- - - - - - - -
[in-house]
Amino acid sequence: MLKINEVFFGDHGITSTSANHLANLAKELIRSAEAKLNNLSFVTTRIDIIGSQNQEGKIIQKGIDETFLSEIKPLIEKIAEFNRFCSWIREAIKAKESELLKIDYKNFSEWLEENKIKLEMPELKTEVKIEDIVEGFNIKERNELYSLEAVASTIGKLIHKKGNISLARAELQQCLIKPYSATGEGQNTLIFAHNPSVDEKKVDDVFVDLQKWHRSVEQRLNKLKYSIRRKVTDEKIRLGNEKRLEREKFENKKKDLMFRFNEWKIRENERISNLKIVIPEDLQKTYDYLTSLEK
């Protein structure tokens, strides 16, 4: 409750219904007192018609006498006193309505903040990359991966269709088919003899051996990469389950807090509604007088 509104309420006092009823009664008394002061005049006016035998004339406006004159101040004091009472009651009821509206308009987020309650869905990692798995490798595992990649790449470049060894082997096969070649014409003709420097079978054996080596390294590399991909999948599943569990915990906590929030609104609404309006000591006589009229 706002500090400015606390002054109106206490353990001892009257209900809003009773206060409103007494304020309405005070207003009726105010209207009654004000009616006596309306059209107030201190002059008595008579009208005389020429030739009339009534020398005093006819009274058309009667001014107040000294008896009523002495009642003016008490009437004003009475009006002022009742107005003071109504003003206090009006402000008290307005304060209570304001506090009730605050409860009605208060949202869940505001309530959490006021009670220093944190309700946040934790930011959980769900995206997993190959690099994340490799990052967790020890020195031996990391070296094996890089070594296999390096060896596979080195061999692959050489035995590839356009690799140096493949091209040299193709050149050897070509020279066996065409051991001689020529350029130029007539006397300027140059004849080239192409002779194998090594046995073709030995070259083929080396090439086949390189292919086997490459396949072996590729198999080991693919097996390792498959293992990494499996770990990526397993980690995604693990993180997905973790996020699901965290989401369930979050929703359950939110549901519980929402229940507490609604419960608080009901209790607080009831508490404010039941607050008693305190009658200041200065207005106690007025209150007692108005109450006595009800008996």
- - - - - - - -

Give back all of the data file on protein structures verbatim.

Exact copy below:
[in-house]
Amino acid sequence: MLKINEVFFGDHGITSTSANHLANLAKELIRSAEAKLNNLSFVTTRIDIIGSQNQEGKIIQKGIDETFLSEIKPLIEKIAEFNRFCSWIREAIKAKESELLKIDYKNFSEWLEENKIKLEMPELKTEVKIEDIVEGFNIKERNELYSLEAVASTIGKLIHKKGNISLARAELQQCLIKPYSATGEGQNTLIFAHNPSVDEKKVDDVFVDLQKWHRSVEQRLNKLKYSIRRKVTDEKIRLGNEKRLEREKFENKKKDLMFRFNEWKIRENERISNLKIVIPEDLQKTYDYLTSLEK
């Protein structure tokens, strides 16, 4: 409750219904007192018609006498006193309505903040990359991966269709088919003899051996990469389950807090509604007088 509104309420006092009823009664008394002061005049006016035998004339406006004159101040004091009472009651009821509206308009987020309650869905990692798995490798595992990649790449470049060894082997096969070649014409003709420097079978054996080596390294590399991909999948599943569990915990906590929030609104609404309006000591006589009229 706002500090400015606390002054109106206490353990001892009257209900809003009773206060409103007494304020309405005070207003009726105010209207009654004000009616006596309306059209107030201190002059008595008579009208005389020429030739009339009534020398005093006819009274058309009667001014107040000294008896009523002495009642003016008490009437004003009475009006002022009742107005003071109504003003206090009006402000008290307005304060209570304001506090009730605050409860009605208060949202869940505001309530959490006021009670220093944190309700946040934790930011959980769900995206997993190959690099994340490799990052967790020890020195031996990391070296094996890089070594296999390096060896596979080195061999692959050489035995590839356009690799140096493949091209040299193709050149050897070509020279066996065409051991001689020529350029130029007539006397300027140059004849080239192409002779194998090594046995073709030995070259083929080396090439086949390189292919086997490459396949072996590729198999080991693919097996390792498959293992990494499996770990990526397993980690995604693990993180997905973790996020699901965290989401369930979050929703359950939110549901519980929402229940507490609604419960608080009901209790607080009831508490404010039941607050008693305190009658200041200065207005106690007025209150007692108005109450006595009800008996």